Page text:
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Sunday, February 19, 2017

This is How Our World will be If the Ice would Melt Off

This is How
Our World will be
If the Ice would Melt Off

We learned last year that many of the effects of climate change are irreversible. Sea levels have been rising at a greater rate year after year, and the Intergovernmental Panel on Climate Change estimates they could rise by another meter or more by the end of this century.

As National Geographic showed us in 2013, sea levels would rise by 216 feet if all the land ice on the planet were to melt. This would dramatically reshape the continents and drown many of the world's major cities.

Places like Brussels, Barcelona, Venice and London
 will be submerged in water.

East African cities like Dakar and Accra – all under water.

Beijing, Shanghai and Tokyo all will also be under water.
 Buenos Aires and Rio De Janeiro will be under water.

All the major eastern cities of United States will be under water.

And lastly, cities like Mumbai and Kolkata will be also face the wrath of Antarctic ice melts.

It is no news that the world is going through one of the worst climate changes phases of the modern history. The planet has lived through millions of years and yet there was never such a time where we could ever think of destroying it completely. But as we speak of it, we are burning fossil fuels like matches sticks at religious place.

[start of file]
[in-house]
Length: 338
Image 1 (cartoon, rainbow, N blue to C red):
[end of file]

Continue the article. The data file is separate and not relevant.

A study stated that if we do not change our way we live our lives we will melt off the entire ice sheet of Antarctica. "This would not happen overnight, but the mind-boggling point is that our actions today are changing the face of planet Earth as we know it and will continue to do so for tens of thousands of years to come," said lead author of the study Ricarda Winkelmann, of the Potsdam Institute for Climate Impact Research.

The Business Insider video blow shows how much bad the world will be if we are able to speed the process of ice sheet melting off and see the effect of it on the world.

If All Earth's Ice Melted

Published on Jul 17, 2015
Polar ice is melting at an unprecedented rate, and we can already measure the impact on rising sea levels. How fast is ice in Greenland and Antarctica melting and what would happen to Earth if all the ice melted? (Based on NASA, ESA, and National Geographic data and simulations).

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